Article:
You’ve gone from $1.5M to $4M in monthly revenue… simply by boosting your conversion rate and average order value.

Do you see why those who “get it” and understand what conversion rate optimization can do are eager to develop an ongoing CRO program? Anyone who fails to get excited about the potential of conversion rate optimization simply doesn’t understand the concept.

Anyone who fails to get excited about CRO simply doesn’t understand it. Click To Tweet

We often work with digital marketing managers who are struggling to get budgeted for CRO consulting. Invariably, we find education is the key. Once management is given a clear presentation, similar to the one you’ve received here, the lights go on.

good conversion rate
The screenshot above is from our CRO-ROI Calculator. Note how a two percent boost in conversion rate doubled monthly revenue.

Real Examples of Conversion Rate Optimization Results

We’ll close by highlighting just a few of the real-life results we’ve seen occur when companies get serious about CRO. Click through to the case studies for example tests we ran as part of an overall CRO program, to unlock the results.

1. We helped Xerox redesign (optimize) a single page on their printer and supplies ecommerce site. That work increased the conversion rate for visitors returning to the page by 86.7 percent.

We then examined the product detail pages. Conversion rate optimization (CRO) work there grew revenue by 18.9 percent.

Here’s that case study: Xerox Case Study

2. We performed a data-driven redesign of the Optic Nerve website. Conversion rates grew by 42 percent, pushing a revenue boost of 84 percent.

Here’s that case study: Optic Nerve Case Study

3. A site audit The Good performed for Snow Peak revealed several conversion rate optimization issues in need of repair. That work drew a year-over-year revenue increase of 149 percent and saw average order value grow by 30 percent.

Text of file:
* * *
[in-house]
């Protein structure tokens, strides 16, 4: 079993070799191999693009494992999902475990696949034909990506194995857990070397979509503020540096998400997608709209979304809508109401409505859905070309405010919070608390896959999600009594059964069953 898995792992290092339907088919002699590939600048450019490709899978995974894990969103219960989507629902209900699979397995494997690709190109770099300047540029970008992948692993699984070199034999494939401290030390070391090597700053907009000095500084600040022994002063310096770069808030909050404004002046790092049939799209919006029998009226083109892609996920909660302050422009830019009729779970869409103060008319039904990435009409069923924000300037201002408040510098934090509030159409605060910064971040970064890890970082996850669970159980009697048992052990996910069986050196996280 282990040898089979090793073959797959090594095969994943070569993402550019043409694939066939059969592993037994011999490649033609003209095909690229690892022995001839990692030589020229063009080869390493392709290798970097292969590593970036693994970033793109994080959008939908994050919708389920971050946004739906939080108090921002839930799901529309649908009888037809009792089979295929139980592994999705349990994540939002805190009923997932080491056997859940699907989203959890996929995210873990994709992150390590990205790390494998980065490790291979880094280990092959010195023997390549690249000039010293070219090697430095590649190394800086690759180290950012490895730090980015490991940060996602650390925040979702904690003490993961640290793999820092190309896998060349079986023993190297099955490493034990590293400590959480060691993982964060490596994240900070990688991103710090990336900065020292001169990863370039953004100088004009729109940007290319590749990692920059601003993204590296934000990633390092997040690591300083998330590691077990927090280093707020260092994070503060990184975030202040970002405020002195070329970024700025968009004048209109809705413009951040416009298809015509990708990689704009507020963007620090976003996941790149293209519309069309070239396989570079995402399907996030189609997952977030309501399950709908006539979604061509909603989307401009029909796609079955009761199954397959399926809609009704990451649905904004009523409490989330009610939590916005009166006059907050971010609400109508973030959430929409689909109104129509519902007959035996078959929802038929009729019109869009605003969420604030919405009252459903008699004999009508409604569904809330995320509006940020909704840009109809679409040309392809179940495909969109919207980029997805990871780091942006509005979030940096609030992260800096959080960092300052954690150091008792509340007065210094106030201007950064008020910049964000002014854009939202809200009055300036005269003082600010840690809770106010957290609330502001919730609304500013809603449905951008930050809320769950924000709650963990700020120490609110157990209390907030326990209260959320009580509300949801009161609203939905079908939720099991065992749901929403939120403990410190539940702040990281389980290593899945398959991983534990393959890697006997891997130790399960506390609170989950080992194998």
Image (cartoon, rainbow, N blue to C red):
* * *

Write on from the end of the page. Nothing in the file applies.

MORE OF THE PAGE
Here’s that case study: Snow Peak Case Study

Conversion rate optimization is an ongoing process that sometimes uncovers areas where big gains can be made quickly, but most often works to make incremental improvements over time.

Is your current conversion rate high enough? Probably not. You may not be able to double revenue overnight, but you can certainly do more with what you have. That is the goal of conversion rate optimization. You’re already investing plenty of money in advertising… why not make the best of it?

If you’re wondering how you can increase your conversions, schedule a quick call with us today!

About the author: Jon MacDonald is founder and President of The Good, a conversion rate optimization firm that has achieved results for some of the largest online brands including Adobe, Nike, Xerox, Verizon, Intel and more. Jon regularly contributes content on conversion optimization to publications like Entrepreneur and Inc. He knows how to get visitors to take action.

1 Comment

  • Author’s gravatar

    “One that is always improving.” is a good answer, not only for this question but also for every question about what is a good one, such as people, education, etc. I don’t think there is a business which can always improve their eCommerce conversion rate. They finally have to stop at a good rate and strive to remain it for a long time.